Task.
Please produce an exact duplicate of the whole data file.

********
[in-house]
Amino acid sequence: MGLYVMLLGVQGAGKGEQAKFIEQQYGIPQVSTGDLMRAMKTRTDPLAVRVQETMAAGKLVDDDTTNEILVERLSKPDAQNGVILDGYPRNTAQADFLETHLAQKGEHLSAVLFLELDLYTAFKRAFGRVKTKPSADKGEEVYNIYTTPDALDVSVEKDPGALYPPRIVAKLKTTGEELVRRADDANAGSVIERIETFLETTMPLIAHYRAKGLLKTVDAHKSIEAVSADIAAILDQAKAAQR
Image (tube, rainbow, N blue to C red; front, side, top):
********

[in-house]
Amino acid sequence: MGLYVMLLGVQGAGKGEQAKFIEQQYGIPQVSTGDLMRAMKTRTDPLAVRVQETMAAGKLVDDDTTNEILVERLSKPDAQNGVILDGYPRNTAQADFLETHLAQKGEHLSAVLFLELDLYTAFKRAFGRVKTKPSADKGEEVYNIYTTPDALDVSVEKDPGALYPPRIVAKLKTTGEELVRRADDANAGSVIERIETFLETTMPLIAHYRAKGLLKTVDAHKSIEAVSADIAAILDQAKAAQR
Image (tube, rainbow, N blue to C red; front, side, top):